Format

Send to

Choose Destination
See comment in PubMed Commons below
J Acquir Immune Defic Syndr. 2010 Feb;53(2):247-53. doi: 10.1097/QAI.0b013e3181c6c4b7.

The association between alcohol consumption and prevalent cardiovascular diseases among HIV-infected and HIV-uninfected men.

Author information

1
Division of General Internal Medicine, Department of Medicine, University of Pittsburgh School of Medicine, Pittsburgh, PA 15213, USA. freibergms@upmc.edu

Abstract

OBJECTIVE:

To determine whether alcohol consumption is associated with cardiovascular disease (CVD) among HIV-infected veterans.

METHODS:

Using established thresholds for alcohol consumption, we analyzed cross-sectional data from 4743 men (51% HIV infected) from the Veterans Aging Cohort Study, a prospective cohort of HIV-infected veterans and demographically similar HIV-uninfected veterans. Using logistic regression, we estimated the odds ratio (OR) for the association between alcohol consumption and prevalent CVD.

RESULTS:

Among HIV-infected and HIV-uninfected men, respectively, hazardous drinking (33.2% vs. 30.9%,), alcohol abuse and dependence (20.9% vs. 26.2%), and CVD (14.6% vs. 19.8%) were common. Among HIV-infected men, hazardous drinking [OR = 1.43, 95% confidence interval (CI) = 1.05 to 1.94] and alcohol abuse and dependence (OR = 1.55, 95% CI = 1.07 to 2.23) were associated with a higher prevalence of CVD compared with infrequent and moderate drinking. Among HIV-uninfected men, past drinkers had a higher prevalence of CVD (OR = 1.30, 95% CI = 1.01 to 1.67). For HIV-infected and HIV-uninfected men, traditional risk factors and kidney disease were associated with CVD.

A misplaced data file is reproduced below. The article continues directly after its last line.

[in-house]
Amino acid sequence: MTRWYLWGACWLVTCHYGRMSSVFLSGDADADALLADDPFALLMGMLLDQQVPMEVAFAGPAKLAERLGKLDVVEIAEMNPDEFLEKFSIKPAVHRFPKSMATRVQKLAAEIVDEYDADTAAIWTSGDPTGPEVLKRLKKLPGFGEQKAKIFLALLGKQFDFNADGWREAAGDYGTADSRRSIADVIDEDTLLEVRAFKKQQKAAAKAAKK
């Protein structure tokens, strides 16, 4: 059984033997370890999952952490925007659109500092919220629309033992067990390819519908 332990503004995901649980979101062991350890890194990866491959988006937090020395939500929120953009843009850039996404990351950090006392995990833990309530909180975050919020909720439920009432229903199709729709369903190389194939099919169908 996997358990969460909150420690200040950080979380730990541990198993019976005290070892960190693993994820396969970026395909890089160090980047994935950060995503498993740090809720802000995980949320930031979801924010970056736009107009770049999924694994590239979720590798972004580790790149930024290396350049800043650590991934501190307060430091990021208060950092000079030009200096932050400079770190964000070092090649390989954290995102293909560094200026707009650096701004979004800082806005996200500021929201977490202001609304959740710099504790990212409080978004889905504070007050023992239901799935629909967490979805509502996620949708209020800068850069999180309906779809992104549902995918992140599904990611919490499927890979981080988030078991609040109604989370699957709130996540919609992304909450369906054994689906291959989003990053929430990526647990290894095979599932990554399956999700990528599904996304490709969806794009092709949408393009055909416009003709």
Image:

CONCLUSIONS:

Among HIV-infected men, hazardous drinking and alcohol abuse and dependence were associated with a higher prevalence of CVD compared with infrequent and moderate drinking even after adjusting for traditional CVD risk factors, antiretroviral therapy, and CD4 count.

PMID:
20009766
PMCID:
PMC2858978
DOI:
10.1097/QAI.0b013e3181c6c4b7
[Indexed for MEDLINE]
Free PMC Article
PubMed Commons home

PubMed Commons

0 comments
How to join PubMed Commons

    Supplemental Content

    Full text links

    Icon for Lippincott Williams & Wilkins Icon for PubMed Central
    Loading ...
    Support Center